This elegant jacket was made with a simple combination of geometric figures: triangle and diagonals.
I was asked to make detailed instructions for it after it was published in Ravelry:
After I have drawn all diagrams and started designing stitches for bigger sizes I saw several problems:
1. Original jacket was made for a rather tall woman with small bust (90 cm = 35.5”) and hips (90 cm = 35.5”). Even though the jacket is stretchy and still fits a woman with up to 100 cm (39.5”) larger bust, the whole look and the proportions on another woman are different.
2. Small bust, narrow hips – that’s why you see this jacket straight and elegant. The same garment worn by a woman 165 cm (5’5”) tall with bust 100 cm (39.5”) and considerably larger hips was not as appealing. The jacket on such a figure was tight fit, crochet rib at the bottom was laying not freely over her waist – it ended under waist. When the rib was put over her waist there was a hump like we see in pullovers. Thus, the jacket should be ending way up to her waist.
3. The shoulder slope in such a diagonal pattern is very important – jacket worn on straight and rather broad shoulders looks beautiful. Of course original shoulder will not fit petite woman with narrow sloping shoulders. Even if her bust is small, the jacket must be altered to fit well.
Wikipedia states that the height of 40% American women is 160 cm (5’3”) or shorter and roughly 25% are 155 cm (5’1”) or shorter. Of course all of them have different sizes and shoulder types which I can’t cover in my instructions for this jacket : )).
After thinking that I can’t possibly satisfy all small and tall, with full and small bust, broad/narrow/sloping shouldered figures there was only one way – making instructions for my own item and advise crocheters to adjust this pattern for their unique figures.
It is quite plain for any advanced crocheters that every item should be adapted for a particular figure and correct gauge should be obtained before embarking on a project. However many beginners think that if they see a pattern created for their size, they can just follow instructions without altering them for their individual figures. Alas! It can be done for a simple crochet top or a skirt (though the length of the garment should be adjusted too) but it will not work for a such an elaborate model like this triangle jacket.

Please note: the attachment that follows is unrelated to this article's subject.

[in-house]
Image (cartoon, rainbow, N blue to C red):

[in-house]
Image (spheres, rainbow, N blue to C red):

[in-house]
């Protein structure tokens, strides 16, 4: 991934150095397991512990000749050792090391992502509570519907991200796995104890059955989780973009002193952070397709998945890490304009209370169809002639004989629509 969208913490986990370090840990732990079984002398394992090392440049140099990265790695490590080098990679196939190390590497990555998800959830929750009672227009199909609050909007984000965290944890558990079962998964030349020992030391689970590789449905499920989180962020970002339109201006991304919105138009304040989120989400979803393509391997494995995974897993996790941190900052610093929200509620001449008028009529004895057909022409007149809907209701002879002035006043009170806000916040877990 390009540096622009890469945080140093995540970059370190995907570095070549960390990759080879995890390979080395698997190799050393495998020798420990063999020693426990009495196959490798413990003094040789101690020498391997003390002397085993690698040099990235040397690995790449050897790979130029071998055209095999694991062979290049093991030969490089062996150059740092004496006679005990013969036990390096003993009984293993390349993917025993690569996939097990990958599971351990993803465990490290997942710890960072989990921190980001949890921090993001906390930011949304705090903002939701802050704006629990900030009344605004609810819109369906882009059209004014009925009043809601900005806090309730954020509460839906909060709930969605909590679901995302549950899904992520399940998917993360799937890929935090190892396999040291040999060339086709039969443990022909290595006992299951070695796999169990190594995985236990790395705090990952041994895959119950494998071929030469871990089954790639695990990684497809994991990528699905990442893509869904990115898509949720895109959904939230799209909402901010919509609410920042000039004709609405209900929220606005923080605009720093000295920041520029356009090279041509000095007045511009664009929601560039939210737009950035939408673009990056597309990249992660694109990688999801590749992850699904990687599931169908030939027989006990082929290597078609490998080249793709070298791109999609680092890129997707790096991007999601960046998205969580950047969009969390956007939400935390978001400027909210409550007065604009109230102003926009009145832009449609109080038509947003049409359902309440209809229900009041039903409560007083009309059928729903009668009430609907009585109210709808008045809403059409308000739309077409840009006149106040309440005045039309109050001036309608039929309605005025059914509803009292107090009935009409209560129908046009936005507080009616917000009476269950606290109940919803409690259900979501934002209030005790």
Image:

I have included tutorial of how to prepare a paper sewing pattern for the back. Or you can use any other instructions for making paper sewing patterns. Another possibility is attaching your work to any sewn jacket that fits you.
If you follow PDF-instructions and your gauge was correct, back will have the following measurements:
Since the jacket is made without foundation row – it is started just with one chain in the centre of the back, you can follow the diagram until you reach the neckline. I have described 16 rows of the main pattern in words in case you have difficulties in understanding crochet diagrams. I hope after you have learned all these rows, you should be able to “read” decreases for the original jacket shown in the diagrams. And you can adapt them to your unique figure. You may regard original diagrams of front, back and sleeves as examples for decreases or increases because you should regularly attach front and back to your personal paper sewing pattern. It might be that decreases are different – therefore this jacket is better to be worked by ADVANCED crocheter!
The pattern is available here:
You will receive:
► instructions in English for the indicated measurements;
► HQ diagrams in PDF format as well as photos of tricky stitches;
► written explanation of main pattern (in case you are not used to work with crochet charts) – straight rows and initial 18 rows of triangle, then all decreases and increases are indicated in diagrams;
► instructions for creating paper sewing pattern – in such an elaborate item you should be able to adapt the diagonal pattern to your unique figure (petite or tall, with small or fuller bust, broad/narrow/sloping shoulders etc).
It will be a great garment when it fits!
➽ Yarn Saver Tip: Before you decide to crochet any sweater made with thick yarn – please pay attention to sleeves and seams in photos. Whether the wearer hides all excessive width under her arms or garments have not flattering bumps at armholes? Many free crochet sweaters made with thick yarn, double crochet stitches (without chains in between) have T-shapes, because such sleeves do not require any shaping. T-shaped lacy kimonos made with thin thread do look fine because any excessive width drapes beautifully along the sides. All excessive thick double crochet stitches not only consume more yarn, but will be gathered under your arms (especially if you intend to wear sweaters under winter coats) because people are not built in T-shapes.